Students throughout Prince George wore orange shirts today (Sept. 30) to remember the legacy of residential schools in Canada.
Orange Shirt Day began when Phyllis (Jack) Webstad told the story of her first day at St. Joseph’s residential school near Williams Lake.
She was wearing a shiny new orange shirt bought by her grandmother, but when she arrived at the school two-hours away from her home on Dog Creek Reserve, it was taken away from her.
“Phyllis has started Orange Shirt Day to help us all be a part of acknowledging and understanding what happened at residential schools and or us to make a better and brighter future for each and every one of us,” said Nusdeh Yoh Principal Liza Arnold during the assembly.
Musician and Aboriginal Education worker Godwin Barton shared his experience with the students, telling the story of how he was forced to go to residential school at six-years-old.
“That was the longest, most loneliest, saddening trip of my young life. I will never forget that experience,” said Godwin of the long bus trip away from home.
“We were lonely. We were thousands of miles away from our families and that hurt. There’s nothing you can do when a child is taken away from their family to console a child’s broken heart especially when you are taken to a land hundreds of miles away.”
Godwin said even though his experience in residential schools in the early ‘70s was traumatic, lonely and isolating, it was a cakewalk compared to the survivors that came before him.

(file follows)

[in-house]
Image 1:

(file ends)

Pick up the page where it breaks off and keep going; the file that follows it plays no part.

“You could not speak about your culture. You could not speak about your mother, your father, your sister, your brother, your grandmother,” said Godwin. “You could not talk about the strength of family. You were separated, you were isolated, you were basically broken.”
The last residential school in Canada – Gordon Indian Residential School in Saskatchewan — closed in 1996.
Godwin’s speech was followed with traditional drumming and singing from the students.
“We have several staff that have had similar experience and stories as Godwin, so with Orange Shirt Day, our job - everybody’s job is to do everything we can to make sure everyone feels good about themselves, has opportunities do and be everything they want to be,” added Arnold.
“That is what Orange Shirt Day is all about, understanding and learning the truth about residential schools and to work towards reconciliation so making a better future for all children.”
The assembly concluded outside with a drumming circle and a moment of silence.
Orange Shirt Day was also recognized at the University of Northern British Columbia, College of New Caledonia and throughout the district with each school participating in its own way.